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The pantomime continues – Australia’s debt ceiling

The opening paragraph read “National debt will continue to balloon throughout the first term of the Coalition government, despite harsh spending cuts to be identified by a Commission of Audit, a crackdown on public service jobs, and a promise that government would be smaller”. Of-course, the journalist meant to say “because of” rather than “despite” but his neo-liberal keyboard thwarted his better understanding. The article was about the debate now in full swing about our debt ceiling. That’s right, suddenly, Australia has a debt ceiling debate. As if the nonsense in the US wasn’t enough. We had to show the world how stupid we are as a nation by having our own ceiling and then spawning a debate about, which then sees salivating journalists chasing politicians around asking them all sorts of questions about increasing it etc. None of the above has any foundation in economics yet will lead to poor policy choices being taken which will undermine social and economic prosperity. What a vacuous world politics and the industry that is fed by it really is!

First, we had the – announcement – on October 22, 2013 that the new Federal government had established a Commission of Audit – to “get spending growth under control”.

The Treasurer told a – media conference – in Canberra that day that:

We have to fix the Budget. We have to fix the Budget … The percentage of GDP keeps increasing. Over time when you have an actual figure, it decreases as a percentage of GDP and that is attractive to us … What matters is not the debt limit, it is the debt, and the level of the debt.

Which is so confused that you wonder whether it was an adult talking, much less the Treasurer of one of the richest nations in the world. The debt limit is about the level of debt!

The Commission’s – Terms of Reference – reads likes an ideological diatribe rather than a credible document a national currency-issuing government would put out.

We read, for example that a guiding principle of the “Audit” is that the Commonwealth:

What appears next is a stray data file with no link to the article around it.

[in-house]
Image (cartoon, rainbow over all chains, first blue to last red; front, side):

… government should live within its means.

Note “should” is a moral concept rather than a technical statement.

Further, there is no mention of real resources in the document, which means that the body that is drafting this document (Treasury) fundamentally misunderstands what the “means” that are available to the Commonwealth government or chooses to lie point-blank to serve the ideological aspirations of the politicians.

The chair of the Commission will be the President of the Business Council of Australia, who has led the charge in PPPs etc and can hardly be considered an expert on government spending and taxation or the public objectives that governments should pursue.

In April this year (in the lead up to the federal budget), the BCA President told a large business gathering in that the then Labor government was pursuing a “class war” (mainly related to the introduction carbon and mining taxes) and that the budget deficit was hurting the national reputation and would “limit policy choices over the coming decade”.

On August 20, 2013, he published an – article – and said:

Right now, we are staring down the barrel of almost a decade of deficits. This is the result of not having lived within our means, of not spending taxpayers’ money wisely … The scrutiny must go to the extent to which budget rules, budget discipline and proper processes will ensure we never end up in this situation again … We can’t just keep spending as though we never have to consider whether it’s the best use of our scarce money, and never have to make the hard decisions despite slowing economic growth.

Which immediately tells you he knows very little about macroeconomics.